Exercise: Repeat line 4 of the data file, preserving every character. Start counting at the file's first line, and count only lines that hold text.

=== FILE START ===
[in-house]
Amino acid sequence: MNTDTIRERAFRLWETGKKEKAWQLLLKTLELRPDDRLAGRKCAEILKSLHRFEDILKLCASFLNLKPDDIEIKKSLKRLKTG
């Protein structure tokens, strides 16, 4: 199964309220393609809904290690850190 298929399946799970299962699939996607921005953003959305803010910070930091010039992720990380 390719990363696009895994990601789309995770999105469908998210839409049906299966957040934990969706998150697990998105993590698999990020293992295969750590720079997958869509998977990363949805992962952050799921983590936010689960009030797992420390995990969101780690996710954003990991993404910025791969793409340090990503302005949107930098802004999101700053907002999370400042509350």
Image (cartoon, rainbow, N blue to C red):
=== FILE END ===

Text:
Image (cartoon, rainbow, N blue to C red):